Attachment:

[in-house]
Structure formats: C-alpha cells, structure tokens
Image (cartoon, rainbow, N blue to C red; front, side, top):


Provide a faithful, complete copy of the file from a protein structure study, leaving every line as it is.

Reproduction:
[in-house]
Structure formats: C-alpha cells, structure tokens
Image (cartoon, rainbow, N blue to C red; front, side, top):